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A Learned but Dismissive Take on Conservative Constitutionalism

Editor’s Note: This essay is part of a Law & Liberty Symposium on Ken Kersch’s Conservatives and the Constitution, and is drawn from a panel discussion held at Pomona College on November 15, 2019 and sponsored by Claremont McKenna College’s Henry Salvatori Center’s Lofgren Program in American Constitutionalism.

Conservatives and the Constitution makes a lasting contribution to our understanding of conservative thought in the 20th and early 21st centuries. Its ambitious scope reflects an extraordinary intellectual effort and Ken Kersch’s copious scholarly learning. Even though it is not written from a conservative perspective, the author attempts to be (and in some ways is) fair and balanced toward his subject. Nonetheless, and despite my admiration for much of the book, I believe it makes one serious error and it fails in a fundamental way to understand conservative thinkers as they understand themselves.

In his introduction, Dr. Kersch seeks to distinguish his work from those liberal scholars such as Corey Robin who understand the conservative disposition as inherently an ideology of the powerful that seeks to justify, maintain, and promote political, economic, and social hierarchies. That understanding, Kersch writes:

does not work descriptively for American conservatism, either in recent years or considered over the long term: many American conservatives, simply put, are not elites by any definition other than race privilege, while many liberals, including the Princeton- and Yale-educated Robin (also white), indubitably are.

Unlike many of the faculty Left who simply write off conservatives as bigoted haters and can’t possibly fathom intelligible reasons one might embrace conservatism, Kersch says he wants to take conservative ideas seriously. While it is certainly not the purpose of the book, a possible salutary effect on its readers would be to lessen the reflexive contempt that too many liberal academics have for conservatives. Insofar as Conservatives and the Constitution provides a deeper understanding of the richness and diversity of conservative thought, it will contribute to a more moderate and tolerant political climate especially on college campuses, which would be no small academic feat.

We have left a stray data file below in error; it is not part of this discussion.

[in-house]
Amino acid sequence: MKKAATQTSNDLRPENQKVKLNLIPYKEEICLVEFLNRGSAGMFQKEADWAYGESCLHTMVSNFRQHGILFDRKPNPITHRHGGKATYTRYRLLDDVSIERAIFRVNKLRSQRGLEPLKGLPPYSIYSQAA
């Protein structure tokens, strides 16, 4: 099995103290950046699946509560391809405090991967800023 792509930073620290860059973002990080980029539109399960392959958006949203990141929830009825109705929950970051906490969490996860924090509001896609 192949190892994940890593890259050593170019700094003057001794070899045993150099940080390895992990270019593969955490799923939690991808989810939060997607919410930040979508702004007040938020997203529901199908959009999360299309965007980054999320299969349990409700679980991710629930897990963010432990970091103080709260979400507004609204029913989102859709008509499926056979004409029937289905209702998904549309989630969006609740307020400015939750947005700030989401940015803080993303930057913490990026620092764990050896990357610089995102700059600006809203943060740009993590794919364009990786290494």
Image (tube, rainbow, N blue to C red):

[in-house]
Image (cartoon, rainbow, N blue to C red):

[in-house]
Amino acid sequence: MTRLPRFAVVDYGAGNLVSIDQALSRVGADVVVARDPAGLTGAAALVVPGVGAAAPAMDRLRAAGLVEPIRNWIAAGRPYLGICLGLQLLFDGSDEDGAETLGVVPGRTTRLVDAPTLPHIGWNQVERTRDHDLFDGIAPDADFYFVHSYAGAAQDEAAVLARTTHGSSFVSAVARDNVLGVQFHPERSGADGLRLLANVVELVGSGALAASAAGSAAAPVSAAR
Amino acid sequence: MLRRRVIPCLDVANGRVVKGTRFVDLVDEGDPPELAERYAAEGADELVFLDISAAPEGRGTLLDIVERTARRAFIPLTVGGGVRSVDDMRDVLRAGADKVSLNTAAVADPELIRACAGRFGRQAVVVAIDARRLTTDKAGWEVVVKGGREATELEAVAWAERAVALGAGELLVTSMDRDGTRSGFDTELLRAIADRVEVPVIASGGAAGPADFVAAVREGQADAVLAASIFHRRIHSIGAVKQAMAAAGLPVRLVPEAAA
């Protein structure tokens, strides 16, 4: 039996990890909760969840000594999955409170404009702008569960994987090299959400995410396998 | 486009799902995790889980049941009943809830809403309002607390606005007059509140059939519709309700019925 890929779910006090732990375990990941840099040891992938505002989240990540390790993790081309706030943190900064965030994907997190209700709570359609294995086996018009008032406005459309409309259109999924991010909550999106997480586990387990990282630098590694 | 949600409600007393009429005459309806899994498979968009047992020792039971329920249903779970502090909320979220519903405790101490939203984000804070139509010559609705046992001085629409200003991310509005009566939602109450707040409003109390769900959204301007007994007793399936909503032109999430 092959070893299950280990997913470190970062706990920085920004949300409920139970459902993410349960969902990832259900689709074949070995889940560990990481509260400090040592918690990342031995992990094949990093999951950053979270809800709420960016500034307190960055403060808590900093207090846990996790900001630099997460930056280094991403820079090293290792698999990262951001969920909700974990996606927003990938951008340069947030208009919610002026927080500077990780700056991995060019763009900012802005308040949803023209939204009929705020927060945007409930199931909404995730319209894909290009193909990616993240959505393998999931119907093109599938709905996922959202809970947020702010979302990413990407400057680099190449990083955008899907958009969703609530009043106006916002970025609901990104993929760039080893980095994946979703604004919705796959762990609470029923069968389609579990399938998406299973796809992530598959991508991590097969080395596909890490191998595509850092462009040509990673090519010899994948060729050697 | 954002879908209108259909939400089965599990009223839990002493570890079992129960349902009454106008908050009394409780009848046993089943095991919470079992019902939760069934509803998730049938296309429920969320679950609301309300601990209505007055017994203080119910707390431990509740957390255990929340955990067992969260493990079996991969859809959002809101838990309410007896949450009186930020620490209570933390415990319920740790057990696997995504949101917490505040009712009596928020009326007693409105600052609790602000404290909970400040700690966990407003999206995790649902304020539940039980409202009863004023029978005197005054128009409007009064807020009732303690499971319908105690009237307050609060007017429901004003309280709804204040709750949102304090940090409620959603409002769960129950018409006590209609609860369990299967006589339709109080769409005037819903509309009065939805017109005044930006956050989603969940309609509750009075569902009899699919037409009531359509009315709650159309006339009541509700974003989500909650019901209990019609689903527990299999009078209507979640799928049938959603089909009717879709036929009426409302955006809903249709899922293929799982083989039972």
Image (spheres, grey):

Unfortunately, the book likely will not be received in that way or have that beneficial effect. For someone who purports to be primarily attempting to understand his subjects as they understand themselves, Kersch’s tone is off. A thinly veiled layer of contempt pervades the work. A couple of examples: Fr. James Schall, a recently-deceased priest who for years taught at Georgetown, is not identified simply as a priest or a Jesuit or a conservative, he is “the right-wing priest Father James Schall.” What work is the adjective “right-wing” doing? It comes across as disparaging. Harry Jaffa didn’t just study with Leo Strauss, he was “under the tutelage of the master” Leo Strauss. In the margin, I wrote, “it’s as if he were training to be a Jedi Knight.” During the Reagan presidency, conservatives didn’t translate their academic and philosophical thinking into policy proposals, they “narrowed and weaponized” them. Maybe these are accurate descriptions or maybe such language will help make the book appealing to its intended liberal audience. Whatever the case, I would have found it more appealing if it didn’t have an undercurrent of exposé and invective.

Getting Harry Jaffa Wrong

Perhaps these small points are petty, so let me turn to a more substantive criticism. In the area of conservative thought with which I am most familiar—what Kersch calls West Coast Straussianism—he makes a significant error.

Harry Jaffa is the pivotal intellectual in the book’s story. One gets the feeling that Kersch thinks Jaffa is the figure the Left should most fear because Jaffa championed the principle of equality. A concern for equality supposedly belongs to the Left, but Jaffa argued that equality is actually a conservative principle. Indeed, he was devoted to showing how equality was the founding principle of America, and thus the principle that American conservatives ought to attempt to conserve.

Kersch gets Jaffa mostly correct, but there is one aspect of his interpretation that significantly misses the mark. Kersch says that Jaffa held that American constitutionalism, properly understood, aims at the summum bonum. Summarizing Jaffa’s understanding, Kersch writes:

Unlike modern social scientists, contemporary relativists, and other positivist progressive/liberals, both Aquinas and Jefferson were committed to the proposition that there are objective standards of right and wrong. Following Aquinas in this regard, Jefferson had held firm, Jaffa said, to the conviction that democratic politics, properly understood, involved at its core the advancement of a unified and ultimate Good: “the laws of nature mentioned in the Declaration.” Everything followed from that, and all must be considered in this light.

Jaffa certainly argued that the excellence of the American regime was based upon its recognition of adherence to human equality, a truth established by “nature and nature’s God.” But Jaffa emphatically did not believe that democratic politics, properly understood, “involved at its core the advancement of a unified and ultimate Good.” The opposite, in fact, is true.

Jaffa held that the principles of the American founding are the principles of the best regime possible in the modern era because they lowered the ends of politics. The Founders aimed to secure civil and religious liberty for American citizens, not the salvations of citizens’ souls. By separating church and state and removing sectarian religious disagreements from politics, Jaffa taught, civic friendship between individuals of different religions became possible; Jews and gentiles both could be members of “we the people.” As George Washington wrote to the Hebrew Congregation of Newport, Rhode Island: